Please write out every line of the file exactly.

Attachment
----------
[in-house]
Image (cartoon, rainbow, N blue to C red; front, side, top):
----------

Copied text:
[in-house]
Image (cartoon, rainbow, N blue to C red; front, side, top):